The food took a bit longer than expected to arrive, and once it did, I realized that my order was incorrect.  However, since the waitress once again vanished, I decided just to make do with what I received.  Shortly thereafter though, she walked past, noticed my “modifications” to the burger and, without really even asking, whisked it away to be replaced with a new once.  While I waited for my food to reappear, I focused my attention on the massive amount of french fries in front of me.  The regular french fries were great.  Hand cut, golden brown, perfectly salty, and in that wonderful middle ground between crispy and soft.  I can’t say the same about the shoestring fries.  Now, I know that I can’t expect that shoestring fries will be comparable to regular fries, but they just didn’t meet the basic expectations that I have for shoestring fries.  They were the right size – not too thin, not too thick – and they weren’t tangled together in some horrendous bird’s nest.  However, they were overcooked and under-salted.  We ended up only eating about half of our small order.

Once my corrected burger finally arrived, it was very enjoyable.  The brioche bun was light and flaky on the outside and tender on the inside.  The beef patties were very generous, coming in at 7 oz. each, and they had a fairly high fat content, making them incredibly juicy and flavorful (though this might not sound like a pro for some people).  I was a big fan of the chipotle sauce, though it seemed to be applied a bit haphazardly, as I didn’t really start tasting it until 1/3 of the way into the burger.  The fried egg was a nice addition, but it had been fried for a bit too long.  I think a sunny side up egg with a runny center a la Croque Madame could actually be better on this burger.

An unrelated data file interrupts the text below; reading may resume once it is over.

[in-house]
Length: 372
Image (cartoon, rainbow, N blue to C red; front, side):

The presentation of the burger was decent – for a burger with so much stuff on it, they managed to keep it from looking sloppy.  The lovely golden crust of the brioche bun and the usage of a large toothpick to hold everything together probably helped.  However, the placement of the two, sad-looking fried pickles on the plate took away from the appeal of the burger.  I would have preferred to just get this huge burger on a clean white plate – especially since the fried, bread and butter pickles weren’t very good.  They came across as an afterthought.

After our waitress managed to clear our plates, I ordered Stand’s famous Toasted Marshmallow shake.  I have to admit – I had very high expectations for this milkshake as I adore toasted marshmallows.  When the shake arrived, I would have to say that the toasted marshmallow floating on top was the best part of it. The shake itself was a big let down.  It tasted like a regular vanilla shake.  There was very little marshmallow flavor, and there certainly wasn’t any of that charred, smokey flavor that one expects from a toasted marshmallow.  I later discovered the recipe for this shake on Gourmet.com, and I can see why the predominant flavor was vanilla:

  • 3 scoops vanilla ice cream
  • 1 tablespoon whole milk
  • I large dollop buffalo milk yogurt or regular yogurt
  • 5 Kraft Jumbo Jet-Puffed marshmallows

With more marshmallows or perhaps some marshmallow cream, this milkshake would probably have been better.  For all the hype about it, my friend’s vanilla kahlua shake had significantly more flavor – though it had small pieces of bittersweet chocolate blended throughout, which was sort of an odd and unexpected addition.